Kay Schluehr wrote:
> Here might be an interesting puzzle for people who like sorting
> algorithms ( and no I'm not a student anymore and the problem is not a
> students 'homework' but a particular question associated with a
> computer algebra system in Python I'm currently developing in my
> sparetime ).
>
> For motivation lets define some expression class first:

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This works for (simple) expressions with mixed multiplication and addition.
class F(list):
def __init__(self,*x):
#print '\nF:',x
list.__init__(self,x)
def __add__(self, other):
return A(self,other)
def __radd__(self, other):
return A(other,self)
def __mul__(self, other):
return M(self,other)
def __rmul__(self, other):
return M(other,self)
def __repr__(self):
return str(self[0])
def __order__(self):
for i in self:
if isinstance(i,A) \
or isinstance(i,M):
i.__order__()
self.sort()
class A(F):
def __init__(self, *x):
#print '\nA:',x
list.__init__(self, x)
def __repr__(self):
self.__order__()
return "+".join([str(x) for x in self])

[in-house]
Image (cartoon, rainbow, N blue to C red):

class M(F):
def __init__(self,*x):
#print '\nM:',x
list.__init__(self,x)
def __repr__(self):
self.__order__()
return "*".join([str(x) for x in self])
a = F('a')
b = F('b')
c = F('c')
d = F('d')
print '\n a =', a
print '\n b+a+2 =', b+a+2
print '\n c*b+d*a+2 =', c*b+d*a+2
print '\n 7*a*8*9+b =', 7*a*8*9+b
>>>
a = a
b+a+2 = 2+a+b
c*b+d*a+2 = 2+a*d+b*c
7*a*8*9+b = 9*8*7*a+b <-- reverse sorted digits?
>>>
The digits sort in reverse for some strange reason I haven't figured out
yet, but they are grouped together. And expressions of the type a*(c+b)
don't work in this example.
It probably needs some better logic to merge adjacent like groups. I
think the reverse sorting my be a side effect of the nesting that takes
place when the expressions are built.
Having the digits first might be an advantage as you can use a for loop
to add or multiply them until you get to a not digit.
Anyway, interesting stuff. ;-)
Cheers,
Ron
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